The Lawrence City Commission on Tuesday discussed the possibility of several new ways for pedestrians to experience downtown and the Kansas River.
Representatives from RiverFront & CENTER, a group comprising local architects and volunteers, presented commissioners with a design plan for the Kaw River COMMONS project. The transportation project includes improvements to existing infrastructure and several additions, including a a downtown skywalk and a new pedestrian bridge over the river with viewing decks.
No action was taken during the work session and specific costs weren’t discussed, but Steve Evans of RiverFront & CENTER said he anticipates the organization would use a mix of public and private funding to eventually complete the project.
Aspects of the project also include the Lawrence Loop and connecting downtown to North Lawrence. Evans said he’s noticed throughout his time as a Lawrence resident that connection is important to the community, and the Kaw River COMMONS project seeks to provide that while implementing infrastructure and cultural goals.
“We certainly want to finish the downtown work, but we want to do that while making sure the trails are placed with respect to the cultural opportunities that the community envisions for this area,” Evans said. “In other words, we really want the culture to be the driver for what’s happening around here.”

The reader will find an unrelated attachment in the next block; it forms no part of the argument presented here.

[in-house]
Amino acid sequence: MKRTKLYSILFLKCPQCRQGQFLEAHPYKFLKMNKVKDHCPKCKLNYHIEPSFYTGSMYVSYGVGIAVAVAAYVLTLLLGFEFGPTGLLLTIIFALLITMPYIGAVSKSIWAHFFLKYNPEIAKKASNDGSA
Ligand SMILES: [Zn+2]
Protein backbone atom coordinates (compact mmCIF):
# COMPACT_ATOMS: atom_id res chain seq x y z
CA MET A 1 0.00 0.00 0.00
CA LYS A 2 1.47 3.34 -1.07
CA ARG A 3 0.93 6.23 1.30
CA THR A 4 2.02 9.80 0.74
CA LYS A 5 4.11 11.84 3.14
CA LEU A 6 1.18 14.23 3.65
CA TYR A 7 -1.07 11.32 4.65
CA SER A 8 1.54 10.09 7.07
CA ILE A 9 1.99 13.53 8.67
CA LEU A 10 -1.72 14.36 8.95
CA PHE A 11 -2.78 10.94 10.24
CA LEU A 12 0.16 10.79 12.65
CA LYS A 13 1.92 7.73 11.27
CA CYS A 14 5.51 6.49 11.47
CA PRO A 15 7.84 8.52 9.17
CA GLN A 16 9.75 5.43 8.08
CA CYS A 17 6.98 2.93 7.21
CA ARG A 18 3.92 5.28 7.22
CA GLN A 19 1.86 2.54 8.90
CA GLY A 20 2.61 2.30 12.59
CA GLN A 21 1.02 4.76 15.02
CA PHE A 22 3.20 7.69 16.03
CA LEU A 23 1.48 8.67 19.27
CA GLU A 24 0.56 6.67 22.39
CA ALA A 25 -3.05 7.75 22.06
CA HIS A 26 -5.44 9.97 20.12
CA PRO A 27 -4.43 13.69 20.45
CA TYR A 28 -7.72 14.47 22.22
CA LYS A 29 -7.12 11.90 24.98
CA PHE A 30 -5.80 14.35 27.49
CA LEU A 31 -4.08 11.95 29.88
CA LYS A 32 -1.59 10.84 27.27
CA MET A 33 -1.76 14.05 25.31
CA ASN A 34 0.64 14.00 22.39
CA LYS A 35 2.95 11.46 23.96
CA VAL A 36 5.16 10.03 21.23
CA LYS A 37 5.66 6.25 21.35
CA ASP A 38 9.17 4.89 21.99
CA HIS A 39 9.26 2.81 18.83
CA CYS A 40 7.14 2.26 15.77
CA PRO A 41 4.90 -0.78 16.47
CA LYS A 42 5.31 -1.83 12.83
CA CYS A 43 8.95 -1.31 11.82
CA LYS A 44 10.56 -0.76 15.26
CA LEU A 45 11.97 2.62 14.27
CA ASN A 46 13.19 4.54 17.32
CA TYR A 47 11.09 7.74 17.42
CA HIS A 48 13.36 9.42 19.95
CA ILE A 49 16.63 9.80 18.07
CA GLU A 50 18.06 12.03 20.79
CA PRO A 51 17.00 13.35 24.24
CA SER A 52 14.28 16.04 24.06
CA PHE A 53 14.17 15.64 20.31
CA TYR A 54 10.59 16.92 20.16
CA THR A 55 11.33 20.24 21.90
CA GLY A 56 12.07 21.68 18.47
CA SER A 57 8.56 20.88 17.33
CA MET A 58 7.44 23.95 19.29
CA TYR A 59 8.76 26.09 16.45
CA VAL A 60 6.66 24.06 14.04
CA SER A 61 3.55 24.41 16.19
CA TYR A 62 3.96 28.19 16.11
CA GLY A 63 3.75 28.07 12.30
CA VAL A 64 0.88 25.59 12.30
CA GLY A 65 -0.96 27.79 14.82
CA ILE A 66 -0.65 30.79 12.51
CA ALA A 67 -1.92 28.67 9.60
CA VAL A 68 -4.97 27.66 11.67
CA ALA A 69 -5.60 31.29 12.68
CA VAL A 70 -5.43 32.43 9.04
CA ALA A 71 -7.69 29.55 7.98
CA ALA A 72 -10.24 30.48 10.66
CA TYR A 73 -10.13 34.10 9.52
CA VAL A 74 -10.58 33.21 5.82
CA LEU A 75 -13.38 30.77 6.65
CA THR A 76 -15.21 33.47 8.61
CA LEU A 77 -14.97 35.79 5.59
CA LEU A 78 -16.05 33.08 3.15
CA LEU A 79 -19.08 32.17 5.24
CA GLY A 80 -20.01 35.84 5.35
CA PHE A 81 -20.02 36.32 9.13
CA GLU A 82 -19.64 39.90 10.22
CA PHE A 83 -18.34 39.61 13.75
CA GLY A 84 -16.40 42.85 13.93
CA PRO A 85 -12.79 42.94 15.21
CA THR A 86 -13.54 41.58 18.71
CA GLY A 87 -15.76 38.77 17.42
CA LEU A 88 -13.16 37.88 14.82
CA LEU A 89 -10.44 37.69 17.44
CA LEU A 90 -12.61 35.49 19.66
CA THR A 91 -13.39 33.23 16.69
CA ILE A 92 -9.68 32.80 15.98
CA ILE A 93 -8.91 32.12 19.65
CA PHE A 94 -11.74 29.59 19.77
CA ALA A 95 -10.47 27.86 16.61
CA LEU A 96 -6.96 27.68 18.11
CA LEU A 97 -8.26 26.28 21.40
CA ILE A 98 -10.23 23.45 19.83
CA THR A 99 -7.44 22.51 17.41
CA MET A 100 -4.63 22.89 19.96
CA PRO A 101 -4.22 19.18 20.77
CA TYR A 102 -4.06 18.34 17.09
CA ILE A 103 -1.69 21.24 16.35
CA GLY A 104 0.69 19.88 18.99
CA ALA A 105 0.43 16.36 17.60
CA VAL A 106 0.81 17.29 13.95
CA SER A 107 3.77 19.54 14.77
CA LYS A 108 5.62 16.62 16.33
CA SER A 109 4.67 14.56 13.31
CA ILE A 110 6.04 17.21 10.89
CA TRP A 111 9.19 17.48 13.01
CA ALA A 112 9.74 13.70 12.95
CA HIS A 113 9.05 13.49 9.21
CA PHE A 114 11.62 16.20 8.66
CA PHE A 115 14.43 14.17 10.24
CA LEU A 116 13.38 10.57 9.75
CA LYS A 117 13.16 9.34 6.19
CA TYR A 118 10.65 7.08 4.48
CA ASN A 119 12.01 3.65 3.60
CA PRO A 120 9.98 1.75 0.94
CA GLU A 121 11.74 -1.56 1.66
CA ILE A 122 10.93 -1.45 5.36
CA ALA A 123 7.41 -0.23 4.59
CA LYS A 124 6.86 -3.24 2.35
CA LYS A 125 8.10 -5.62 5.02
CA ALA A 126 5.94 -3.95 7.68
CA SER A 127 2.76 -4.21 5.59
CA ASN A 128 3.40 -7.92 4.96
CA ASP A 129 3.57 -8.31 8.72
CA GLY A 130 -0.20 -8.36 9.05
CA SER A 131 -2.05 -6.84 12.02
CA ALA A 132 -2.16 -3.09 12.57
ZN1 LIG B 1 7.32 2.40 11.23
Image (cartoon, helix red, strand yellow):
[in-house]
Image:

Aside from improving downtown and making it easier to cross the river, Kent Williams of RiverFront & CENTER said the project aims to improve access to the river itself.
“The Kaw River heritage is a wealth of tradition and information,” Williams said. “We would like to maximize access to that river heritage through physical access to the river, connecting downtown to it, and ‘looping the Loop,’ as we like to say.”
Commissioners agreed that accessing the river is difficult and somewhat uncommon, and they voiced enthusiasm about the effects that this project would have on the Lawrence community.
Commissioner Jennifer Ananda pointed out the success other communities, such as Wichita, have had from taking advantage of the assets their rivers provide.
“Interest in making our riverfront a place to be has consistently been growing since I’ve been on the commission,” she said. “I think communities that have done that successfully have seen really good outcomes as a result of that, not just for the residents of that community but for folks outside of that community.”
Read more about RiverFront & CENTER’s proposal for the Kaw River COMMONS here.
The presentation started around the 2:17:30 mark of the meeting video:
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